In both situations, we see government joining in with the finger pointing and promising tougher laws. But what they don’t promise is to properly resource the systems that are breaking down. It is much easier and more politically expedient to give the public what they are chanting for, a culprit who can be the focus of all our anger and fear.

What does this have to do with religious sacrifice? Well, as John reminded us, the word “scapegoat” comes straight out of the Israelite sacrificial system. The scapegoat is the one onto whom we project all our failings, and all our anger and fear, and then sacrificially expel them from the community to purge the evil from our midst. The religious version is simply an official ritual version of the same instinct that we all feel in the face of such crises.

When you combine that with a particularly common way of thinking about God – that God is the ultimate definer and enforcer of law and order – a whole religious sacrificial system is born. God is seen as an angry tough-on-sin eternal judge, offended and outraged by every human failing, demanding that a penalty be paid before there can be any pardon. There you have the birth of a doctrine of penal atonement – a penalty must be paid before things can be put right. And then when that distorts a bit further – not that differently from the way we distort ourselves – we end up with a law-and-order God who is so fixated on the penalties rather than the rehabilitation of the offenders, that God doesn’t even care anymore whether it is the offender who pays. Someone has to pay, and you can substitute in someone else, perhaps even a lamb or a goat or your firstborn child, and God will still be satisfied because this bloodthirsty God just needs to be paid. There you have the birth of a doctrine of substitutionary penal atonement. And the ‘Christian’ version of that says that Jesus died to save us precisely because God wouldn’t show mercy unless someone was made to pay and punished big time. It’s an ugly picture of God, but it is, and long has been, very very common.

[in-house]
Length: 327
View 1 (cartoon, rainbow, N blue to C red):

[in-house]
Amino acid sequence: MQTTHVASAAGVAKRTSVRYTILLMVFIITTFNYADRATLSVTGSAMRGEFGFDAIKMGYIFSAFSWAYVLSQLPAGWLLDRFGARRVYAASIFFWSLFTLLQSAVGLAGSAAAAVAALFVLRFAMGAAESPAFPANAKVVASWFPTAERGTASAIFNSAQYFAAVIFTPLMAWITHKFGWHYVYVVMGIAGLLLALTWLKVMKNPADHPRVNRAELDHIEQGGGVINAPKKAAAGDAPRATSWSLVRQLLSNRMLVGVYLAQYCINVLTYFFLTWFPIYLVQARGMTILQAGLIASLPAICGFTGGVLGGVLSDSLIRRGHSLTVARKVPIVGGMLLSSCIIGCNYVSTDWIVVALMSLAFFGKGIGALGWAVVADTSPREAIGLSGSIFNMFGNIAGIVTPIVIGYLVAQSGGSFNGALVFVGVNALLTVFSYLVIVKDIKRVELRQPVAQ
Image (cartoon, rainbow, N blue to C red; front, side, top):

Criticism of this view of God and of the resulting sacrificial system did not start with Jesus. It is already present in a number of the prophets. It is surprising how often biblical commentators play it down and argue that the prophets were all focussed on opposing idolatry and trying to centralise worship at Jerusalem. But portraying God in our own distorted image is idolatry, and you will find strong condemnation of the sacrificial system in the preaching of Isaiah (1:11-16), Jeremiah (6:20), Hosea (5:6; 6:6; 9:11-13), and Amos (5:21-25), as well as in the passage we heard from Micah tonight.